The Pituitary Foundation supports the position that pituitary tumours are not brain tumours.
There is a great deal of debate on this subject and we understand that for many pituitary patients the distinction is an important one.
Our medical committee (26 of the UK’s foremost endocrine experts) lead our understanding of endocrinology. They are clear that while the pituitary is in close proximity to the brain, it is not part of the brain.
We recognise that some sources, including the NHS, do class these as brain tumours.
Our Medical Committee say…
Bristol University’s Professor Stafford Lightman MBBChir, PhD(Cantab), FMedSci, FRCP, President-Elect of the British Neuroscience Association, said:
“Brain tissue consists of either nerve cells or astrocytes. Pituitary tissue is glandular tissue of completely different origin. […] Just because it is in the head and physically attached to the brain does not make it part of the brain.”
He added: “Any basic anatomy book states very clearly that the anterior pituitary is a glandular tissue that is not part of the central nervous system and is not made up of nervous tissue.”
Professor John Newell-Price MA PhD FRCP, Chairman of our Medical Committee, Professor of Endocrinology and Consultant Endocrinologist said:
“Pituitary tumours arise from the pituitary gland that lies on the floor on the inside of the skull, underneath and separate from the brain, back behind the eyes. These are not brain tumours, and the pituitary is not part of the brain itself. Pituitary tumours can either produce excess hormones, cause lack of hormones or the hormones from the pituitary gland can be present at the correct and normal amount. If there is a large pituitary tumour it can press on the eye nerves and cause problems with vision, and in some patients there can be bleeding into the pituitary gland a condition known as pituitary apoplexy. In almost every case a pituitary tumour is a benign non-cancerous tumour. Treatment is co-ordinated by an expert endocrinologist and pituitary surgeon, if surgery is needed. In many cases pituitary surgery is not needed for patients, but many patients need to take tablets and other treatments to replace the hormones that the body needs to maintain life.”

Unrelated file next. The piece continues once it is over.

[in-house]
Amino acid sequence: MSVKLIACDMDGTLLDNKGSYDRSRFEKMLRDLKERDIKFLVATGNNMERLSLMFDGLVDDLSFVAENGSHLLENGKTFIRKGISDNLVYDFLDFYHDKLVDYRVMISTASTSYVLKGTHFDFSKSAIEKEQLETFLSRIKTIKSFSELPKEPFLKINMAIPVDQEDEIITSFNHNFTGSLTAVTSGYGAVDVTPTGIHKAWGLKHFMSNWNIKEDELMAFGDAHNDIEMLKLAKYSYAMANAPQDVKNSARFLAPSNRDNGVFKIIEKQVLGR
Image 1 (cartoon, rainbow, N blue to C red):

How we use this information
Given the limited information and awareness of pituitary conditions in the UK, we feel that classifying pituitary adenomas as brain tumours for simplicity is wrong. While it may be easier to explain to the general public, it is not anatomically correct.
Importantly, when informing new patients of pituitary conditions, the news that they have a “brain tumour” has a serious impact at an extremely sensitive time. Our Helplines hear of many patients being told they have a ‘brain tumour’ and the caller is in great distress about those words.
The connotation for them is unthinkable. Our information and support teams explain the distinction of a malignant brain tumour and a 99.9% benign (non-cancerous) pituitary tumour without inappropriately playing down of the significance of their pituitary condition.
We believe that pituitary patients and the general public are best served by being given clear and accurate information on this subject.
Our medical committee are at the forefront of understanding of endocrinology in the UK. As understanding grows and classifications change our position will reflect those changes.